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Final Fantasy XVI (PS5) review: Epic tale

Final Fantasy XVI (PS5) review: Epic tale

Final Fantasy XVI

The best thing about the Final Fantasy series is that every game is always different. The worst thing about Final Fantasy XVI is that it still plays like a JRPG, which limits it to a mostly on-rails experience compared to modern open-world RPGs. But in this case, it works really well. That's because the new revamped action combat makes up for it with plenty of frantic button mashing and well-timed counters.

Quick notes

  • Epic tale that's mostly linear, with some exploration to boot
  • Bounty hunting with the new Devil May Cry-ish combat system is fun
  • English voice acting is really good
  • The most mature Final Fantasy yet, with sex and nudity in cut scenes

FFXVI (FF16) takes you to a world filled with magic, fantastical monsters, and politics that feels reminiscent of Game of Thrones. The monsters are familiar if you've played any Final Fantasy game, from your Adamantoise, Malboros, to Chocobos. And filling up that awesome factor is that your typical FF summons now return as Eikons. Unlike other games in the series where these powerful beings take too long to show up, you get to see them right from the get go. And even better, you can fight as Eikons, like giant Kaijus slugging it out.

Final Fantasy XVI
(Screenshot: Square Enix)

You play as Clive Rosfield, loyal older brother to the heir of Rossaria, who happens to be the host of the Phoenix Eikon. As like a typical FF series, tragedy strikes, and Clive now has to get revenge and hunt for MacGuffins. Expect a crazy tale that feels very much like a 35-hour long Games of Throne episode (with dragons to boot!). Of course, one can't leave out crystals, which are the mainstays and the source of magic in the series. The western setting also plays out well with the voice acting, which is best experienced in English. I usually play FF games in Japanese (even for FFXV, which has a modern setting). However, the lip syncs don't match for Japanese, as this game was dubbed in English first.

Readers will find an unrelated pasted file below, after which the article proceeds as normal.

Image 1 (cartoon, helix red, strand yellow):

Final Fantasy XVI
(Screenshot: Square Enix)

To be clear, the English dub is impressively good. Ralph Ineson's deep, rumbling voice is just pure magic every time his character Cid is on screen, and the English accents help sell the Western setting. The biggest change though, is the combat system. At first, I wasn't a fan, there was just too much button mashing, but three hours in, something clicked, and I started enjoying the Devil May Cry style of chaining combos and using my abilities. That said, I found Eikon combat tedious, as most of it is mostly quick time event buttons, bar one or two exceptions. If you want, you can also equip accessories to make it easier and with less mashing.

Gameplay-wise, Final Fantasy XVI mostly plays out in chapters with Clive running from point A to B and a big boss fight at the end. At first, it's fun, but as you progress through the 35-hour narrative, it starts feeling repetitive. You'll want to do all the side-quests as well, because they add so much context to the world. Cutscenes are long, which is a good thing. That's because the character design and costumes are so good you just want to see them in action. FFXVI offers a great epic experience with a fantastic story that's worth your time. Get it from Shopee, Lazada, or Amazon.

See Also
WD Black SN770

Note: Review copy provided by Sony.

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An epic story overall, but how it plays out can feel repetitive

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